Outlines of Local Governmeiit I II.-AREAS AND AUTHORITIES. I GENERAL TABULAR VIEW OF THE I AREAS. The Local Government Acts of 1888 and 1894 have swept away most of the local authorities previously existing for special pur- poses, such as Highway Boards and Burial Boards. Their general object was to abolish ail areas and bodies existing outside the stan- dard organisation of the country, and so to reduce all local government to a uniform system. To this end the country is in the first place divided into: (a) The Administrative Counties, each with its own County Council. These are divided into (b) County Districts, which may be either (1) Urban or (2) Rural. Each district has its own District Council. These districts are further sub-divided into (c) Parishes. In Urban Districts the Parish occupies an insignificant position in the system of government. In Rural Districts, on the other hand, each Parish is invested with more or less important self-governing functions. All Rural Parishes have (1) Parish Meetings, and the larger Rural Parishes have (2) Parish Councils of their own. (d) Boroughs stand outside the general system. County Boroughs are entirely self- contained and self-governed. Non-County Boroughs largely, though not entirely self- governed. They have Town Councils of their own. (i.) The Parish. (Maxwell, pp. 1-24). Civil and Ecclesiastical Parishes. The civil parish is the unit of local government, which for this purpose is defined as "a place for which a separate poor rate is or can be made, or a separate overseer is or can be ap- pointed." An ecclesiastical parish is a unit for purposes of religious organisation. Originally such units were chosen as the poow- law units, but now many of the larger ecclesiastical parishes have been sub-divided for the ends of civil government, and also split up on a different system into smaller ecclesiastical parishes. Hence the civil and ecclesiastical areas are now by no means necessarily identical. I THE VESTRY. I This was the old meeting of the ratepayers of the parish, presided over by the clergy- man, and held in the vestry of the church or some other convenient room. The Vestry elected the parish officers, including church- wardens, assessors, way-wardens, and -col- lectors, and, after the introduction of the poor- law system, the overseers and assistant over- seer, and transacted a considerable amount of parish business. All its powers over civil matters have, by the Local Government Act, 1894, passed to the Parish Council and Parish Meeting, but it may still have to be called occasionally in those urban districts and boroughs which have not obtained the powers of a Parish Council to appoint overseers, &c. Vestries are either (a) Common, or (b) Select. The common parish vestry is not a representative body; it is merely "the rate- payers of the parish in vestry assembled"; that, indeed, is its full title. Every rate- payer, whether male or female, whether a Churchman or a Dissenter, whether resident in the parish or not, is entitled to attend and vote, unless his or her rates are in arrear. In some parishes the right of all the rate- 1 payers to attend the Vestry may be restrained by immemorial custom to a select number, who are then termed a select vestry.. Select vestries were also created by Hob house 's Act, 1831. This Act is permissive, and can I only be adopted by parishes having more than 800 rate-paying inhabitants. It must be adopted after due notice to the parishioners by a majority of two-thirds of the ratepayers voting; and the whole number of persons voting must be a clear majority of the rate- payers of the parish. I PARISH MEETINGS AND COUNCILS. in every rural parish there is a parish meet- ing. This is an assembly of the parochial electors, who are simply the persons regis- tered in such portion either of the local government register of electors or of the par- liamentary register of electors as relates to the parish." It meets at least once a year, and cannot be held before six o' clock in the evening, a provision which is of importance to the labourer. I I 'I' (a) In all parishes with at least 300 inhabi- tants there must also be a Parish Council; (b) In parishes where the number of inhabi- tants js between 100 and 300, the County Council must establish a Parish Council if the parish meeting go desires; and (c) Where the population is below 100 it may establish one if it thinks fit. Where, however, a rural parish is co- extensive with a rural district, the District Council acts as a Parish Council also. Parish Meeting where there is no Parish Council. Where there is no Parish Council, a Parish Meeting must be held twice a year at least, and it may be called at any time by the chairman or by six electors. It cannot directly levy a rate. Its expenditure is limited to the proceeds of 6d. rate, inclusive of the Adoptive Acts, and is met by pre- cepte, the amounts of which are collected as part of the Poor Rate. Its duties are: (a) Appointment or Overseer; (b) Approve disposal of parish property; (c) Veto stopping or diversion of highway; I (d) All or any powers of a Parish Council. 1 he chairman and overseers form a body corporate for the holding of parish property, and the chairman conducts whatever adminis- trative business there may be. PARISH COUNCILS. I t-Onstitution.-A Parish Council consists of a chairman and such a number of councillors, not being less than five nor more than fifteen, as the County Council may fix from time to time. They are elected for three years by the local government electors at annual meet- ing. Councillors must be local government electors, or any person, male or female, resi- dent on or before the 25th March of pre- ceding year within the parish or within three miles of the parish. Parishes may be grouped under one Parish Council. A Parish Council is a corporate body with perpetual succession, but without common seal. Chairman may be elected from outside the Council, but must be qualified to be a Councillor. A person becomes a candidate by handing to the Chairman at the annual parish meeting a form signed by two electors, which form may be obtained of the overseers ten days beforehand, and contains full directions. If more candidates are nominated than there are seats, the Chairman must take a show of hands on the names. Any five electors, or one-third of the meeting, whichever is least, may (in the meeting) demand a poll, which will be taken. The candidates may hold meetin-gs to advocate their claims in any school receiving public grants, on paying the expenses of preparing the room and re- arranging it afterwards. Powers and Duties of Parish Councils. (1) Miscellaneous: (a) To appoint annually a chairman and overseers of the poor, and appoint and revoke appointment of assistant overseers. (b) To appoint trustees of civil charities. (c) To provide parish books, offices, &c. (2) Sanitary: They have, certain limited powers in reference to drainage and water supply. They may use any well, spring, or stream in the parish, and provide water supplies from it, so long as they do not inter- fere with the rights of any company, person, or corporation. Ponds, ditches, open drains, and other places where filth collects, so as to be dangerous to health, may be drained, cleansed, covered, or set right by the Coun- cil, so long as they do not interfere with any private right, or the sewage or drainage works of any other Council. (3) Highway: They maintain and repair footpaths; maintain rights of way, and may veto stopping or diversion of highways. (4) Education: May be minor Education Authority. (5) Land: May provide public walks and recreation grounds. (6) Small Holdings and Allotments Acts: They may hire land for allotments. (7) May, if approved by Parish Meeting, administer parochial Adoptive Acts, viz.:â (a) The Lighting and Wqtching Act, 1833, which enables a parish to pro- vide or enter into contracts for the provision of lighting the roads, streets, &c. (b) Baths and Washhouses Acts, 1846 to 1899, may be adopted upon the re- quisition of ten electors for the pro- vision of baths, gymnasia, and wash- houses; (c) Burial Acts, 1852 to 1906, provide for the Parish Council to be represented upon the Burial Board. These Acts have been largely superseded by the Public Health Acts (Interments) Act, 1879; (d) Public Improvement Act, 1860, makes provision for village greens and recrea- tion grounds, &c., limited to a rate of 6d. in the £ (e) Public Libraries Act, 1892 to 1901, provide that any ten electors may demand a poll, upon the result of which, by a bare majority, Reference and Lending Library and Museum may be provided at the* maximum expen- diture of a penny rate. Expenditure of Parish Councils. These Councils are not allowed to spend much money. The following restrictions are imposed upon them:â ( I ) rarish Councils cannot incur expenses involving a rate of more than 3d. in the £ without the consent of the Parish Meeting. (2) They cannot incur expenses involving a loan without the consent of the Parish Meeting and the County Council. (3) No year's expenses may exceed a rate of 6d. in the £ but in calculating this sum the expenses of carrying out any adoptive Acts (see above) are not reckoned. 1 he annual expenses are to be paid out of the poor rate. The clerk to the Council sends a precept to the overseers, and the latter must shew on their demand note the proportion required by the Council. The rates for the cost of lighting, fire engines, and libraries are charged on land at one-third only of its valuation. The special expenses for sanitation and similar matters are charged on land at one-fourth of its valuation. Borrowing Powers of Parish Councils. With consent of Parish Meeting, the Coun- cil may raise loans for the following pur- poses:â ( I) Buying such land or erecting such buildings as are within their powers. (2) For any permanent purpose under the adoptive Acts. (3) For permanent works, the expense of which the County Council and the Local Government Board allow to be spread over a term of years. The period within which a loan in each case must be repaid is deter- mined by the sanctioning authority, but must not exceed thirty years. 1 he County Council and the Local Government Board must both approve of every loan, under any of the three headings, before the money can be legally accepted. The mortgage securing the loan is upon the poor rates of the parish, and the limit of loans is one-half the assessable value of the parish. A loan for the purposes of an adoptive Act is secured by a mortgage of the rate raised under that Act, and not on the poor rate. Note tkt a Parish Council must first get the consent of the parish meeting and the County Council to the expenditure, and then the consent of the County Council and the Local Government Board to the loan. Accounts and Audit. I 1 he accounts of a Parish Council or Parish Meeting must be kept in the form prescribed by the Local Government Board, and must be made up yearly to March 31st. They are audited by the District Auditor. Rights of Parochial Electors. I f I) To demand a poll in the case of a I resolution respecting many important matters, such as: the appointment of a chairman, over- seer, &c. (2) The right to inspect and take copies of, and extracts from, all books, accounts and documents belonging to or under the control of the Parish Council or Parish Meeting. QUESTIONS FOR DISCUSSION. I What changes in Local Government were effected by the Local Government Acts of ? !888 and 1894? How has the Representation of the People Act, 1918, affected Local Government Franchise? What steps would have to be taken in a village to secure a Free Library or Public Baths? How do Parish Councils meet their expenses? What restric- tions are imposed upon them in respect to expenditure? For what purposes may Parish Councils acquire land? Have they compul- sory powers in respect to the acquisition of land? What powers are conferred upon them in respect to civil charities? With whose consent and for what purposes may they raise loans? What is the limit of such loans? What are the highway powers of Parish Councils? What authority creates new urban districts ? ⢠--J.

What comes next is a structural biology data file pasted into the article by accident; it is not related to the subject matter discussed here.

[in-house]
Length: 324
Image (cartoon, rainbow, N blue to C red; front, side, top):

AT EIN GOHEBWYR AC ERAILL.

[No title]

[No title]

- Cymru a'i Pheryglon.

IPONTARLLECHAU.

LLANSADWRN.'

YR ASYN.

Advertising